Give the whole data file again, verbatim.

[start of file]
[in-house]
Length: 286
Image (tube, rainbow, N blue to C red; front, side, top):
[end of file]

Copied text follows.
[in-house]
Length: 286
Image (tube, rainbow, N blue to C red; front, side, top):